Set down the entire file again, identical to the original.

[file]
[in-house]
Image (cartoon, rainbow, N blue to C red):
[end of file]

[in-house]
Image (cartoon, rainbow, N blue to C red):